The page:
Friday, December 12, 2014

How horrible!

We follow the One who stood and wept at the grave of Lazarus --not surely because He was grieved that Mary and Martha wept, and sorrowed for their lack of faith (though some thus interpret) but because death, the punishment of sin, is even more horrible in his eyes than in ours.   C.S. Lewis, from God in the Dock

It is so very hard to imagine that sin and its death could be found more horrible and terrible to God than they are to us!  We wrestle with all sorts of ways to find a clear conscience and run from guilt and shame.  We invest all sorts of unrealistic hopes in medicine, technology, and natural cures to ward off death for as long as possible.  Yet we approach the season in which we see exactly how terrible sin and its death are to God -- they moved Him to send forth His Son into our flesh and blood, into our world under the law, to be sin for us.  That is what the manger witnesses -- not some fairy tale story of romance, rejection, and a happy outcome but sin, evil, wickedness, shame, guilt, fear, and death.  He came for us and to come for us He came for these.


If only we see could see this, Christmas would be far more in our eyes than it too often ends up.  We don't need picturesque scenes or quaint settings or magical stories or tearful sentiment.  We need a God who will come down to get dirty with us and for us -- so great is His love that He would take on our worst enemies and fate in the loneliness of an obedient life a world could not understand and a sacrificial death that was even more confounding and confusing to our sensibilities.

Yes, this is the God we meet in the manger and who reveals His great love for us on the cross.  We sheds the tears for sins we should shed.  He cries out for the reality of death while we try to find fake comfort in the idea that death is natural and that the brief cycle of birth, life, and death should leave us somehow content enough to celebrate life and go home with our memories.  But not Jesus.  He refuses fake comfort or fake hope and even though it cost Him all, He willingly entered into the suffering and death of the cross for us and our salvation.  This is Christmas, too!
 

4 comments:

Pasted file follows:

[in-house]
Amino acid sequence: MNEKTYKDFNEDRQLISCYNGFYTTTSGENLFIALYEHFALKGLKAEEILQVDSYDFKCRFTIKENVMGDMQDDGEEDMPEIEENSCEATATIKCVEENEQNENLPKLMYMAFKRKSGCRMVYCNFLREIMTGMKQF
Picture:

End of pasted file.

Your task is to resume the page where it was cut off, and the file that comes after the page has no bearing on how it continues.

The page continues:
John Flanagan said...

The way I see it, Christmas has been relegated to a secularized "feeling" and an idea associated with "good will" and gift giving, but the true message is still shared in churches and homes in America by the hymns and choirs which point to the Savior as the reason for the season. It is true that Christ was likely born around October, and that December 25th lined up with a pagan holiday, and it is true that Nativity scenes showing the three kings at the stable at the same time as the Shepherds are incorrect. Jesus was likely about two years old when the three Kings appeared. For the sake of honesty, I have often wished we Christians celebrated Christmas as a religious holiday in October or close to the birth of Jesus, that the true story be told and celebrated in our churches and homes, and that we let the world keep Santa Claus, and the Easter Bunny.

Unknown said...

C. S. Lewis was wrong! To say that may seem scandalous, but I really do not think Lewis thought this through.
Hebrews 9:15, “For this reason He is the mediator of a new covenant, so that those who are called may receive the promised eternal inheritance, because a death has occurred that redeems them from the transgression under the first covenant.” This says that we cannot be saved unless someone dies for us. We also know that when we are baptized, we are “baptized into His death”, Romans 6:3. So death plays a key role in our redemption, a role our Lord, who suffered death for us, certainly knew. Would He have wept because of His own imminent death, when He raised Lazarus? Surely not, since he knew what His death would mean for His children. Instead, “for the joy that was set before Him, He endured the cross, disregarding its shame…”, Hebrews 12:2. What we need to remember is that the Gospel changes everything: without it, death is eternal punishment; with the Gospel death is how we enter the Kingdom of God in this world when we drown in the water of Baptism, and later when we enter the Heavenly Kingdom. That is why St. Paul writes in that great Chapter 15 of 1Corinthians, “54…Death has been swallowed up in victory. Where O death is your victory, where O death is your sting.”
Indeed, as we read in that same great Chapter 15, “26 the last enemy to be destroyed is death”. But by that time, God Who makes “all things work together for good for those who love God”, Romans 8:28, will have made full use of death for our good, and it will no longer be needed, because we will live in eternity with Him.
Peace and Joy!
George A. Marquart

Anonymous said...

Our fault we are in this positon. Lord, forgive us for our laxness in teaching the Faith...

Unknown said...

In this connection, I could not help but remember the Eastern Orthodox Easter Troparion:
Christ is risen from the dead!
By death he trampled Death;
and to those in the tombs
he granted life.
Peace and Joy!
George A. Marquart